Assemblies of God Theological SeminaryJanuary 4, 2013
As we start a New Year, let me offer you one more essay in my current recycling of
Prez Release "Classics." This observation looked at January 2009 and,
interestingly, the view toward January 2013 has obvious similarities.
 
First Things
January 2009

 

Not many Prez Reports came your way during 2008. Frankly, I was swamped. I must admit that this writing effort had to take a back seat to some very pressing issues we were facing at AGTS-nothing of a crisis nature, just lots of things that needed attention all at the same time. You've probably experienced the same thing in your life and one of the consequences is that creative thinking gets short-changed. I haven't learned the special skills associated with blogging. I've lived too long carefully choosing the words I offer for public communication to part with them casually, but as we begin 2009, I want to see if I can get the cognitive juices moving again.

 

Two things have jumped out at me recently that have really caused me to think. First, we will shortly see the inauguration of a new president. Predictions are that Washington D.C. will see an unprecedented number of people wanting to just be there on this historic occasion. As is my uncomfortable experience on a regular basis, I have friends whose views of our President-elect vary from cynical to enthusiastic. It makes for carefully crafted conversations depending on who I'm with.

 

I can only begin to approximate the sheer joy and utter pride of my African-American friends as they see what many of them never thought they'd see in their lifetimes, actually come to pass. I'm guessing many of them experienced the same thing we saw so poignantly captured for us in the tears of Oprah and Jesse Jackson on that night of celebration in Grant Park last November. I'm hoping that some of those tears dimmed the past remembrances of fire hoses, violent lunch counter sit-ins, and countless other tragedies that racial injustice calls to memory. They do understand the "audacity of hope" in ways I can't begin to imagine.

 

On the other hand, I also understand the friends whose hesitancy about our near future is palpable. Their concerns over issues related to the dignity of life and how our new president will impact that crucial issue are not small items. The vitriolic responses from so many sectors to the choice of Rick Warren to pray at the inauguration are clear indicators that the culture wars cannot be finessed into some domesticated dialogue over human sexuality. The decision to add an openly gay Episcopalian bishop to pray at another inaugural related event only focuses this issue more poignantly. To be a follower of Jesus these days will certainly include being in the bulls-eye of some pretty powerful interests who, frankly, are not about to be silenced, neutralized, or pacified. Narrow stereotypical images, reinforced by all forms of media, do not favor we who name Jesus as Lord.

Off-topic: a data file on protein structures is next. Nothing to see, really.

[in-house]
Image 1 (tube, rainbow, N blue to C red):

Another recent event also caught my attention. It was the death of Richard John Neuhaus, the editor of the journal: First Things. A 60's social activist who left what he termed "the movement" after the 1973 Roe vs. Wade decision, Neuhaus became a firebrand of truth. He published his most known volume in 1984 entitled, The Naked Public Square: Religion and Democracy in America. He later wrote that "politics is a function of culture, at the heart of culture is morality and at the heart of morality is religion." As the Wall Street Journal recently reported (January 9, 2009), Neuhaus was a clear voice against the trend of eradicating religious symbols and thought from American civil life. He warned of a state that "drives out prophetic religion and establishes a monopoly on public space and public meaning."

 

Whether one approaches the future with cynicism or exuberance, followers of Jesus are not going to have any room for just cruising. "First things" are going to be more necessary than ever. The aggressiveness of those who view followers of Jesus as the problem to "progress" will not go into the night softly. I'm also convinced that we will need new dexterity and commitment to engage the challenges that we are going to face by carefully considering who may be allies in this stand for first things. Christianity, that drinks too deeply at the wells of pop culture or uncritiqued nostalgia, may end up somewhere between marginalized and neutralized. I think we are going to need all the audacious hope and first things we can muster.

 

Byron D. Klaus, President
Assemblies of God Theological Seminary
  


Encounter Journal--Summer 2012

  
  
Enjoy the new edition of the AGTS Encounter Journal: 
  
  
  
  
  


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